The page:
[wawr-uhn-tuh-buhl, wor-]
capable of being warranted.
(of deer) of a legal age for hunting.

1575–85; warrant + -able

nonwarrantable, adjective
nonwarrantably, adverb
unwarrantable, adjective
unwarrantably, adverb
unwarrantableness, noun
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Based on the Random House Dictionary, © Random House, Inc. 2014.
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World English Dictionary
warrant (ˈwɒrənt)
1.  anything that gives authority for an action or decision; authorization; sanction
2.  a document that certifies or guarantees, such as a receipt for goods stored in a warehouse, a licence, or a commission
3.  law an authorization issued by a magistrate or other official allowing a constable or other officer to search or seize property, arrest a person, or perform some other specified act
4.  (in certain armed services) the official authority for the appointment of warrant officers
5.  a security that functions as a stock option by giving the owner the right to buy ordinary shares in a company at a specified date, often at a specified price
6.  to guarantee the quality, condition, etc, of (something)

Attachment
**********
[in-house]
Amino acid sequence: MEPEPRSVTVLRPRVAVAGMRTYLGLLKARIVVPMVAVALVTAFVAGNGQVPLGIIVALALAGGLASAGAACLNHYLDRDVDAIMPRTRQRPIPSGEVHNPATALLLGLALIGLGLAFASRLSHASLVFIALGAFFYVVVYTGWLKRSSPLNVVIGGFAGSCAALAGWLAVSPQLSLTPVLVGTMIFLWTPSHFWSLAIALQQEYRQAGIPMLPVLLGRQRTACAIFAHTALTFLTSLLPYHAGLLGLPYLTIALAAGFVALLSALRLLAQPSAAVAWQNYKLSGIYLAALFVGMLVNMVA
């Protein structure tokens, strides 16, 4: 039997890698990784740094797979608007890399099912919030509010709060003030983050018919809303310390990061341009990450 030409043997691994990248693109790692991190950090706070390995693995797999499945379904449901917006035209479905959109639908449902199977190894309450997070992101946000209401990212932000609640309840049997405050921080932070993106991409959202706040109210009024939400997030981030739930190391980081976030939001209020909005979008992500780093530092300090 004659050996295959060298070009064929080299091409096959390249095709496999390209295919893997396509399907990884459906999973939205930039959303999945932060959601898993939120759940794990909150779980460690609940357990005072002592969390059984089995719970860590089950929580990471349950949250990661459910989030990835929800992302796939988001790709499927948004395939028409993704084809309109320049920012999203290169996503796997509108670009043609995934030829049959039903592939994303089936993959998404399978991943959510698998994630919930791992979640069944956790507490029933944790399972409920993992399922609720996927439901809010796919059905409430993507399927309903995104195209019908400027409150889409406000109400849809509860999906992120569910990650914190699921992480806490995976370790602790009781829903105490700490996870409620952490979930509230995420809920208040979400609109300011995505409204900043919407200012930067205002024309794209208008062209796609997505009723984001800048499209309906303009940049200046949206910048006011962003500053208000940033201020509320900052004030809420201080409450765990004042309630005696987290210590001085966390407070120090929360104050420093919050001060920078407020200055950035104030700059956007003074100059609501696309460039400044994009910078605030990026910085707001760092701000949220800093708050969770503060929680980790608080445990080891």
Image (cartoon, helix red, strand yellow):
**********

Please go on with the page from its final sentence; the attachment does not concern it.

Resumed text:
7.  to give authority or power to
8.  to attest to or assure the character, worthiness, etc, of
9.  to guarantee (a purchaser of merchandise) against loss of, damage to, or misrepresentation concerning the merchandise
10.  law to guarantee (the title to an estate or other property)
11.  to declare boldly and confidently
[C13: from Anglo-French warrant, variant of Old French guarant, from guarantir to guarantee, of Germanic origin; compare guaranty]

Collins English Dictionary - Complete & Unabridged 10th Edition
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Example sentences
It seemed therefore that the following conception was more warrantable.
Corrected defects are not warrantable and the service is not guaranteed free of viruses or other harmful components.
The warrantable failure designation in the citation should be deleted and the finding, as.
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